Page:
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As the title hints, the focus of drummer/composer Chip White's Music and Lyrics is the batch of original songs White came up with for the album. Unlike the standard material that tends to appear on a majority of new jazz vocal albums, White also penned lyrics for eight of the twelve tunes, sung here by Gail Allen. It is indeed refreshing to hear a vocal album featuring new songs, rather than some overworked standards. Of course, that novelty would amount to little if White's songs were sub par. Luckily, the new songs are musically and lyrically accomplished, very much in the style of the Great American Songbook, with nods to bossa nova.
Rain is languorous, with dramatic work from Allen and a fine, delicate piano solo by Lafayette Harris. "October Song is sprightlier, helped along by a quick, witty rhyme scheme devised by White. As on the other performances, the sense that Allen is not the "star of the album leads to a fine integration of vocals and instruments. The other musicians are given an equal opportunity to make their own statements. The results are delightfully retro performances that hearken back to the era when singers were simply parts of bands, and not the featured attraction. The songs have a real flowthey do not stop for solos merely so the singer can catch her breath.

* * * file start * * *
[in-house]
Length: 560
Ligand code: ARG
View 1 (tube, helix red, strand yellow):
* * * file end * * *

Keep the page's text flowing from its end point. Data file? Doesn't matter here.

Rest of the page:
Music and Lyrics is a real joy that's admirably eloquent in both music and lyrics, and White and his band mates pull off this ambitious effort with aplomb.
Track Listing: Blues For Cousin Alice; The Luckiest Girl; Bossa De Bahia; Drums On The Riverside; Rain;
October Song; Club 609; The Contessa; 28 Drums; I Never Knew; Circle Dance; Time Stood
I love jazz because I enjoy the freedom.
I was first exposed to jazz when I was 17.
I met Cedar Walton at a concert in San Paulo.
The best show I ever attended was Helio Jambao trio.
The first jazz record I bought was Witchcraft by George Benson.
My advice to new listeners is listen to the old school first.